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Kusita-Arambhavatthu Sutta

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Title: Kusita-Arambhavatthu Sutta: The Grounds for Laziness & the Arousal of Energy

Summary: &quot;I&#39;m too tired too meditate! I&#39;m too hungry! I&#39;m too full!&quot; Sound familiar? The Buddha offers sound advice for overcoming this kind of laziness.

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AN 8.80

PTS: A iv 332

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Kusita-Arambhavatthu Sutta: The Grounds for Laziness & the Arousal of Energy

translated from the Pali by

Thanissaro Bhikkhu

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<p>“Monks, there are these eight grounds for laziness. Which eight?

“There is the case where a monk has some work to do. The thought occurs to him: 'I will have to do this work. But when I have done this work, my body will be tired. Why don't I lie down?' So he lies down. He doesn't make an effort for the attaining of the as-yet-unattained, the reaching of the as-yet-unreached, the realization of the as-yet-unrealized. This is the first grounds for laziness.

“Then there is the case where a monk has done some work. The thought occurs to him: 'I have done some work. Now that I have done work, my body is tired. Why don't I lie down?' So he lies down. He doesn't make an effort for the attaining of the as-yet-unattained, the reaching of the as-yet-unreached, the realization of the as-yet-unrealized. This is the second grounds for laziness.

“Then there is the case where a monk has to go on a journey. The thought occurs to him: 'I will have to go on this journey. But when I have gone on the journey, my body will be tired. Why don't I lie down?' So he lies down. He doesn't make an effort for the attaining of the as-yet-unattained, the reaching of the as-yet-unreached, the realization of the as-yet-unrealized. This is the third grounds for laziness.

“Then there is the case where a monk has gone on a journey. The thought occurs to him: 'I have gone on a journey. Now that I have gone on a journey, my body is tired. Why don't I lie down?' So he lies down. He doesn't make an effort for the attaining of the as-yet-unattained, the reaching of the as-yet-unreached, the realization of the as-yet-unrealized. This is the fourth grounds for laziness.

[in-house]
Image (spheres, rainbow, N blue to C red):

“Then there is the case where a monk, having gone for alms in a village or town, does not get as much coarse or refined food as he needs to fill himself up. The thought occurs to him: 'I, having gone for alms in a village or town, have not gotten as much coarse or refined food as I need to fill myself up. This body of mine is tired & unsuitable for work. Why don't I lie down?' So he lies down. He doesn't make an effort for the attaining of the as-yet-unattained, the reaching of the as-yet-unreached, the realization of the as-yet-unrealized. This is the fifth grounds for laziness.

“Then there is the case where a monk, having gone for alms in a village or town, does get as much coarse or refined food as he needs to fill himself up. The thought occurs to him: 'I, having gone for alms in a village or town, have gotten as much coarse or refined food as I need to fill myself up. This body of mine is heavy & unsuitable for work, as if I were many months pregnant. Why don't I lie down?' So he lies down. He doesn't make an effort for the attaining of the as-yet-unattained, the reaching of the as-yet-unreached, the realization of the as-yet-unrealized. This is the sixth grounds for laziness.

“Then there is the case where a monk comes down with a slight illness. The thought occurs to him: 'I have come down with a slight illness. There's a need to lie down.' So he lies down. He doesn't make an effort for the attaining of the as-yet-unattained, the reaching of the as-yet-unreached, the realization of the as-yet-unrealized. This is the seventh grounds for laziness.

“Then there is the case where a monk has recovered from his illness, not long after his recovery. The thought occurs to him: 'I have recovered from my illness. It's not long after my recovery. This body of mine is weak & unsuitable for work. Why don't I lie down?' So he lies down. He doesn't make an effort for the attaining of the as-yet-unattained, the reaching of the as-yet-unreached, the realization of the as-yet-unrealized. This is the eighth grounds for laziness.

“These are the eight grounds for laziness.

“There are these eight grounds for the arousal of energy. Which eight?

“There is the case where a monk has some work to do. The thought occurs to him: 'I will have to do this work. But when I am doing this work, it will not be easy to attend to the Buddha's message. Why don't I make an effort beforehand for the attaining of the as-yet-unattained, the reaching of the as-yet-unreached, the realization of the as-yet-unrealized?' So he makes an effort for the attaining of the as-yet-unattained, the reaching of the as-yet-unreached, the realization of the as-yet-unrealized. This is the first grounds for the arousal of energy.